2. Once your artwork has been uploaded, right-click on the file and select “Share.”
  3. In the sharing settings, click on “Advanced” to access more options.
  4. Next to “Link sharing on,” click on the drop-down menu and select “Expires in 30 days.” This will ensure that the link to your artwork will expire in 30 days and will no longer be accessible to anyone.
  5. Under “Access,” select “Anyone with the link.” This will allow anyone with the link to access your artwork without needing to sign in to a Google account.
  6. Check the box next to “Password protect.” This will require anyone who wants to access your artwork to enter a password.
  7. Enter a password of your choice. Make sure to keep this password secure and share it only with those who need access to your artwork.
  8. Click on “Save changes” to save your sharing settings.
  9. Finally, copy the link to your artwork and send it to your customer.

By following these simple steps, you can share your artwork with customers in a secure and efficient way. Google Drive provides an excellent platform for small indie game studios to share their digital content and generate revenue. We hope that these steps will be helpful to other small indie game studios who are looking for ways to distribute their digital content.

In conclusion, as a small indie game studio, it is essential to explore different avenues for generating revenue. By using Google Drive to share our artwork, we have found a simple and secure way of distributing our digital content, including cute monsters and Halloween Candy Corn emojis. With these simple steps, you too can share your artwork with your customers and generate revenue for your business.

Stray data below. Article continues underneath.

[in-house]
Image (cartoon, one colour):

Setup Firebase to Use MacOS

SwiftUI ONLY! (Does not include MacOS Syntax)

I was following Firebases Setup up and config from the Firebase Website. I was installing FirebaseAuth, FirebaseStorage, FirebaseFirestore using Xcodes 14 “add packages” service: File ->AddPackages

import SwiftUI
import FirebaseCore
class AppDelegate: NSObject, UIApplicationDelegate {
  func application(_ application: UIApplication,
                   didFinishLaunchingWithOptions launchOptions: [UIApplication.LaunchOptionsKey : Any]? = nil) -> Bool {
  return true
struct YourApp: App {
  // register app delegate for Firebase setup
  @UIApplicationDelegateAdaptor(AppDelegate.self) var delegate
  var body: some Scene {
    WindowGroup {
      NavigationView {

Firebase MacOS

Found the below code snippet solution at If you are start your project fresh. You will have two files ContentView.swift and “MyApp.swift” <- or what ever you named your app. In the MyApp.swift file substitute the generic start up script with the below snippet.

import FirebaseCore
import SwiftUI
class AppDelegate: NSObject, NSApplicationDelegate {
    func applicationDidFinishLaunching(_ notification: Notification) {
struct ImageManagerApp: App {
    @NSApplicationDelegateAdaptor(AppDelegate.self) var delegate
    var body: some Scene {
        WindowGroup {

Hope it works well for you and best wishes in your developing journey!

Import External Files into Xcode

Short Form Importing External Files to Xcode